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Posted On: 14 March 2013 04:50 pm
Updated On: 12 November 2020 02:12 pm

Most of heart patients below 55 years old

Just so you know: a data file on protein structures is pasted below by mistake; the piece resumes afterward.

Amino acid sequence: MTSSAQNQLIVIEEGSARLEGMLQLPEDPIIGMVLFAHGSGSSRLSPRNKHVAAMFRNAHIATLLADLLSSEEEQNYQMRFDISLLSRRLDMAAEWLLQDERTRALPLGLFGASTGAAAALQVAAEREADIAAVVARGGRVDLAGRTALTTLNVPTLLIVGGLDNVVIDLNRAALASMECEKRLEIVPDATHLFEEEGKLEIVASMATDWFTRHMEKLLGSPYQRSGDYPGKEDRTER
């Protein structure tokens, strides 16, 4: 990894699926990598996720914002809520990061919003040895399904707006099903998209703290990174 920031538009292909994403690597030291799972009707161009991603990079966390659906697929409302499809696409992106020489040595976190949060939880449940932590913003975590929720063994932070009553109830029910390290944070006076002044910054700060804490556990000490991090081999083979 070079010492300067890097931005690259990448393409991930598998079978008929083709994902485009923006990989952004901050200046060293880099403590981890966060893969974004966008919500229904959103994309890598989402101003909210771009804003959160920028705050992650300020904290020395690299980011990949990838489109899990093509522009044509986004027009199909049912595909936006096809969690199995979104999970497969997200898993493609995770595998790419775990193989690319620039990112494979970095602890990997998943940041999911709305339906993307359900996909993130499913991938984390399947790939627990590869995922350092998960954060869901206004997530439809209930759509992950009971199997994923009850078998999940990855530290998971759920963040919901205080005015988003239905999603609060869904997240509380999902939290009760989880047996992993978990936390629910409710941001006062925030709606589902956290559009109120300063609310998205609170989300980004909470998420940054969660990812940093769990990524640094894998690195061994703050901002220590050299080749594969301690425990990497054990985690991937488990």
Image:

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Diabetes tops the list of risk factors associated with the increasing incidents of heart attacks and stroke in Qatar, shows a study conducted among Qatari and expatriate patients at the Hamad Medical Corporation (HMC). The study also found that more than two thirds of the heart attack patients and half of the stroke patients in Qatar were younger than 55 years; some were younger than 40. Men made up the majority of cases. Approximately 40 percent of participants were overweight and an additional 30 percent were obese. The study is presented in an article titled “prevention during the epidemiologic shift to chronic illness: a case-control study of risk factors associated with cardiovascular disease in Qatar,” appearing in the inaugural issue of the Journal of Local and Global Health Perspectives. The study conducted between 2006 and 2008 was led by public health researchers at Weill Cornell Medical College (WCMC) in its branches in New York and Qatar, as well as physicians at HMC. It was supported by Qatar Foundation, the Weill Cornell Clinical and Translational Science Centre and the Biostatistics, Epidemiology and Biomathematics Research core of Weill Cornell Medical College in Qatar. Principal investigator and senior author of the study, Dr Alvin I Mushlin, Professor and Chairman of the Department of Public Health at WCMC in New York City, said: “Cardiovascular diseases have for some time been the leading cause of death worldwide. “But high income countries in the Gulf have experienced a dramatic increase in cardiovascular disease and other non-communicable and chronic diseases, driven in part by major changes in population and lifestyle factors in recent years. Our study tried to estimate the association between five preventable risk factors and the development of heart attack and stroke.” The five risk factors studied were diabetes, hypertension, dyslipidemia (high levels of cholesterol and other blood fats), smoking, and obesity. The study recruited patients admitted to HMC with heart attack or stroke. Cases included nationals and expatriates. Expatriates account for more than 70 percent of the population in Qatar. Thus, the nationals in the study were also studied as a sub-group to determine if they have characteristics related to the development of cardiovascular disease that may distinguish them from others. “We found that diabetes increased the risk by over four fold and was the strongest preventable risk factor for heart attack and stroke. High blood pressure was the second major preventable risk factor for stroke and an important factor for heart attack. Low amounts of physical activity increased the risk of heart attack and stroke by approximately 80 percent, while smoking increased the risk of heart attack two-fold,” said lead author Dr Paul J Christos, Lecturer in Public Health in the Division of Biostatistics and Epidemiology at WCMC in New York City. “For the sub-group of Qatari nationals, diabetes, high blood pressure, high cholesterol, and smoking were also identified as potential preventable risk factors. These factors seemed to increase heart attack and stroke risk among the Qataris.”